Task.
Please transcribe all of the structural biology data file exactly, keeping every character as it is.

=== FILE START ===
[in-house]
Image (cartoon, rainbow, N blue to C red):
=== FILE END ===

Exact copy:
[in-house]
Image (cartoon, rainbow, N blue to C red):